A facepalm, as pictured above, pretty accurately describes what I did when I heard the news last night.
Mary Harney, the Irish minister for health, has announced the formation of a committee to look at ways of reducing clinical mistakes in hospitals. This will be a panel of experts who will get together and publish a report in 18 months time, apparently.
Incidentally, there is also a "commission on patient safety" in existence in Ireland, whose role would appear to be the same as that given to this new committee. However, the commission recommended the setting up of this new panel back in July 2008. The minister announced it's formation yesterday. Indeed.
But this was what got me. Harney, in her distress at the interminable suffering over the practice of shoddy medicine by Irish hospital staff, admitted she had no figures for medical errors in Ireland. But she does know that "Medical claims were costing the state 60 million euro every year" and that the aim of the process was to "reduce adverse events in the health service, and to reduce litigation". So, eh.....seeing as you admit to not having any statistics for medical errors (despite setting up 2 expert panels to combat the "problem") how are you going to know if your new committee is having an effect, Ms Harney????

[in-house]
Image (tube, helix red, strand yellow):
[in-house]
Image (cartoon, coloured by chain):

Now, Minister, I'm no economist. And I'm no risk analyst. But, and apologies for the bold capitals, I have a suggestion for you, if you want to reduce medical errors in hospitals..................
STOP MAKING YOUR JUNIOR DOCTORS WORK ILLEGALLY LONG HOURS, AND REVERSE YOUR INSANE PLAN TO TAKE AWAY THE BUDGET FOR THEIR TRAINING IN RESUSCITATION AND BASIC SURGICAL SKILLS.
I'm glad I got that off my chest. I'll be here all week. I'm also available for Barmitzvas and public policy.